If you have ever experienced irritation or burning in yours eyes you know the effectiveness of Visine or other over-the-counter eye drops in alleviating those painful symptoms. Do you know what to do if your dog is experiencing that same discomfort? Administering Visine eye drops is not the answer. The FDA does not approve the drug for pets, and if your dog has eye issues from conjunctivitis, glaucoma, allergic reaction, or invasion of foreign objects, using Visine can cause more harm than good.
Why Is Visine Dangerous to Dogs?
You are not recommended to use Visine on your dog if it has eye problems. The active ingredient, tetrahydrozoline HCL, has not been tested in detail on animals, and there are still unfamiliar cardiac and neurological effects that may result from using it. Applying Visine to your dog’s eyes may reduce some redness, but you will put your pet at risk of further eye injury. The drug narrows blood vessels and contains some preservatives that may further irritate the eyes. If applied without caution or regard, it could cause blindness.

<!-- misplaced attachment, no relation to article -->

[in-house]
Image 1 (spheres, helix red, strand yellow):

In some situations, a saline solution would be a safer alternative to Visine eye drops. But even then, preparing a saline solution of the right concentration can be tricky, and only a veterinarian or ophthalmologist will be properly equipped for the task. Consult your veterinarian so they can point you to a dog-friendly alternative to help their eyes.
Symptoms Of Eye Problems in Dogs
If you notice any of these symptoms listed below, your dog is experiencing serious discomfort in its eyes. These symptoms include:
- Red eyes
- Pawing at the eyes
- Pus discharge around the eyes
- Swollen eyelids
If you have seen these signs, contact your veterinarian so they can assist you in figuring out what is wrong with your dog and what medication they should have to help treat them.
What Do You Do If You’ve Used Visine on Your Dog?
If you have applied Visine to your dog’s eyes and just recently discovered the dangers, you can quickly contact Pet Poison Helpline at (855) 764-7661 for advice on the next steps to take. If needed, take your pet to a vet clinic so a veterinarian can examine it.